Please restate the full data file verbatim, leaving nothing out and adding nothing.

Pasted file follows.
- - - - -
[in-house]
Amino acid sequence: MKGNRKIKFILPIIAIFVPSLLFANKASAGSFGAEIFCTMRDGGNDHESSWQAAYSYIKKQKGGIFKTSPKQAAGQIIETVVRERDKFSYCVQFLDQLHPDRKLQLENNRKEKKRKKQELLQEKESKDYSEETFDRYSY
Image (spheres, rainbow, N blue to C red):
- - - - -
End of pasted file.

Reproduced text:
[in-house]
Amino acid sequence: MKGNRKIKFILPIIAIFVPSLLFANKASAGSFGAEIFCTMRDGGNDHESSWQAAYSYIKKQKGGIFKTSPKQAAGQIIETVVRERDKFSYCVQFLDQLHPDRKLQLENNRKEKKRKKQELLQEKESKDYSEETFDRYSY
Image (spheres, rainbow, N blue to C red):